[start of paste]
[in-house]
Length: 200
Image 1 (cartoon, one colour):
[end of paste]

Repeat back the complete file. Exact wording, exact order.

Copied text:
[in-house]
Length: 200
Image 1 (cartoon, one colour):